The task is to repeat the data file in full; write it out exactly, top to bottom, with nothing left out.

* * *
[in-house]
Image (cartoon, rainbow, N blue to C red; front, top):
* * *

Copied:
[in-house]
Image (cartoon, rainbow, N blue to C red; front, top):